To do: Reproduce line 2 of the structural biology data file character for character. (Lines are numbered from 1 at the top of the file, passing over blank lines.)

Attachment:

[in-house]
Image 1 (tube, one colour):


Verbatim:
Image 1 (tube, one colour):